THE business of the university is to train men to know, to think and to do. To be will take care of itself, if the others are provided for. Wisdom is knowing what one ought to do next. Skill is knowing how to do it. Virtue is doing it. Religion is the working theory of life. It deals with the reasons why one ought to do. To all these ends the university is devoted. It does not make men. It remodels them to bring the powers they have to greater effectiveness. It brings, according to Emerson, 'every ray of varied genius to its hospitable halls,' that by their united influence 'they may strike the hearth of the youth in flame.'
Most precious of all possessions of the state is the talent of its citizens. This exists not in fact, but in possibility. What heredity carries over is not achievement, but tendency, a mode of direction of force which makes achievement possible. But to bring about results training is necessary. There can never be too many educated men, if by education we mean training along the lines of possible individual success. With birth, Emerson tells us, 'the gate of gifts is closed.' We can no longer secure something for nothing. The child's character is a mosaic of unrelated fragments, bits of heredity from a hundred sources. It is the work of education to form these into a picture. It is the art of living to range these fragments to form a consistent and effective personality.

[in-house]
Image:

It is the duty of the university among other things to take hold of these fragments of human possibilities and to arrange them so as to fit them for achievement. It is another duty 'to bring men to their inheritance.' This inheritance consists of the gathered experience of the past, that truth which is won through contact with realities, and with this the knowledge of the methods by which men have tested truth. Again the university has the public duty of preparing the instruments of social need.
The kings have recognized the need of universities and university men. In this need Alfred founded Oxford and Charlemagne the University of Paris. The Emperor William is quoted as saying that
- Abstract of an address before the North Central Association of Colleges and High Schools, Chicago, April 3, 1903.